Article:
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    2. I love this exchange!!!!!!!!!

      And weddings and babies are the MOST FUN CRAZY OF ALL.

      Beats the heck out of funerals.

      :)

      Just sayin'.....

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    3. Awww, that is so sweet! And yeah, I'm not sorry about the extra crazy busy we got on Christmas. :)

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  11. Your observation about January burnout was right on target--and it made me feel so much better to recognize it for what it is. I'm also glad to hear I'm not the only person who finds a lot of comfort in rereading old childhood favorites! Reading has always been such a blessing for me--but I've found now I read more critically and with less enjoyment--a carryover from trying to edit and improve my own work, I think. Rediscovering that joy is definitely something I want to do--there's something about reading other writers that energizes me and reminds me of why I love to write in the first place. I second your remark about getting outside, too--that always helps--as does time spent chatting and laughing with good friends. Thanks for this post--I loved it!

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    1. Thanks for your kind words, Laurel! I knew I wasn't the only one facing the January stress.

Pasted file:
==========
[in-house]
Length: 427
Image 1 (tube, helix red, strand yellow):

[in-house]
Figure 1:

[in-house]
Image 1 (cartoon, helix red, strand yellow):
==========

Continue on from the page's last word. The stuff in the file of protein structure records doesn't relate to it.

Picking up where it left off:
And reading...the thing I love about reading children's books is that I can turn off my critical reading skills and immerse myself in the story. I walk past my bookshelf and get a little giddy at the delights awaiting my reading hours this year! "My Friend Flicka" is there waiting for me...oh, how I love Ken and Flicka!

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  12. My creativity dried up several years ago when I was going through some stressful things. I started seeing a counselor and asked her why I couldn’t do the things I loved. She said when we constantly give to others and no one fills our cup that our creativity can dry up. I love all things crafty. Today I decided to cut up my scrap material to make a rag quilt. I watched some videos and I’m going to attempt it. Have a blessed evening. Thank you for sharing.